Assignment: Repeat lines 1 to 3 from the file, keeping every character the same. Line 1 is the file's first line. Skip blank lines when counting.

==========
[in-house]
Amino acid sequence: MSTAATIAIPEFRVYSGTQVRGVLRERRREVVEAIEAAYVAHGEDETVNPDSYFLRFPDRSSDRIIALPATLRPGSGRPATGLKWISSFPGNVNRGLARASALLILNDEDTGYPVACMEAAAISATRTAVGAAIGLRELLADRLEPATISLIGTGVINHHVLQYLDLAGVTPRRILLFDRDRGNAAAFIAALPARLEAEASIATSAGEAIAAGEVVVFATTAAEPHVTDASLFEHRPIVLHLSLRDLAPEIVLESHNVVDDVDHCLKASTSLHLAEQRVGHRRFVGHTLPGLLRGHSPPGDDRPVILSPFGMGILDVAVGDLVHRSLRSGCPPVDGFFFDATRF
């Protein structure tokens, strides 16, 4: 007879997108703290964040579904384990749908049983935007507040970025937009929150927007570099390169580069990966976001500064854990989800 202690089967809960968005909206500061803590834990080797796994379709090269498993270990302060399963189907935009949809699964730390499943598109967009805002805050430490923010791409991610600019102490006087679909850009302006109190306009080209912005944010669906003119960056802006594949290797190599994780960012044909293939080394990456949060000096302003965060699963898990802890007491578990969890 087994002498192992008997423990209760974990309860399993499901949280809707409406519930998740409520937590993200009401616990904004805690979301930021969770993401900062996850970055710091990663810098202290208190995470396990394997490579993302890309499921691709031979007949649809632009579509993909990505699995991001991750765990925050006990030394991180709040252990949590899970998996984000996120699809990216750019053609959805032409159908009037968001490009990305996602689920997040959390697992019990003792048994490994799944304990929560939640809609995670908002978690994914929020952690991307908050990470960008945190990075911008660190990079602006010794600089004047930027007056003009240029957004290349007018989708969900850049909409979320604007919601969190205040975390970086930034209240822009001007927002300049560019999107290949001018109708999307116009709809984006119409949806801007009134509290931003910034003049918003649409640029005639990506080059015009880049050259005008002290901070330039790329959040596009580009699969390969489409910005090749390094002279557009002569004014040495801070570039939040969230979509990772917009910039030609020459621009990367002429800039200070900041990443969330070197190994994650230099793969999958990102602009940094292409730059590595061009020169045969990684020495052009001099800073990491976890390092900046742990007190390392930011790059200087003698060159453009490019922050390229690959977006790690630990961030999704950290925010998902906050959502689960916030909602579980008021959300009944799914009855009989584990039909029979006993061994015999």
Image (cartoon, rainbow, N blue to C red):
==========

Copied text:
[in-house]
Amino acid sequence: MSTAATIAIPEFRVYSGTQVRGVLRERRREVVEAIEAAYVAHGEDETVNPDSYFLRFPDRSSDRIIALPATLRPGSGRPATGLKWISSFPGNVNRGLARASALLILNDEDTGYPVACMEAAAISATRTAVGAAIGLRELLADRLEPATISLIGTGVINHHVLQYLDLAGVTPRRILLFDRDRGNAAAFIAALPARLEAEASIATSAGEAIAAGEVVVFATTAAEPHVTDASLFEHRPIVLHLSLRDLAPEIVLESHNVVDDVDHCLKASTSLHLAEQRVGHRRFVGHTLPGLLRGHSPPGDDRPVILSPFGMGILDVAVGDLVHRSLRSGCPPVDGFFFDATRF
């Protein structure tokens, strides 16, 4: 007879997108703290964040579904384990749908049983935007507040970025937009929150927007570099390169580069990966976001500064854990989800 202690089967809960968005909206500061803590834990080797796994379709090269498993270990302060399963189907935009949809699964730390499943598109967009805002805050430490923010791409991610600019102490006087679909850009302006109190306009080209912005944010669906003119960056802006594949290797190599994780960012044909293939080394990456949060000096302003965060699963898990802890007491578990969890 087994002498192992008997423990209760974990309860399993499901949280809707409406519930998740409520937590993200009401616990904004805690979301930021969770993401900062996850970055710091990663810098202290208190995470396990394997490579993302890309499921691709031979007949649809632009579509993909990505699995991001991750765990925050006990030394991180709040252990949590899970998996984000996120699809990216750019053609959805032409159908009037968001490009990305996602689920997040959390697992019990003792048994490994799944304990929560939640809609995670908002978690994914929020952690991307908050990470960008945190990075911008660190990079602006010794600089004047930027007056003009240029957004290349007018989708969900850049909409979320604007919601969190205040975390970086930034209240822009001007927002300049560019999107290949001018109708999307116009709809984006119409949806801007009134509290931003910034003049918003649409640029005639990506080059015009880049050259005008002290901070330039790329959040596009580009699969390969489409910005090749390094002279557009002569004014040495801070570039939040969230979509990772917009910039030609020459621009990367002429800039200070900041990443969330070197190994994650230099793969999958990102602009940094292409730059590595061009020169045969990684020495052009001099800073990491976890390092900046742990007190390392930011790059200087003698060159453009490019922050390229690959977006790690630990961030999704950290925010998902906050959502689960916030909602579980008021959300009944799914009855009989584990039909029979006993061994015999």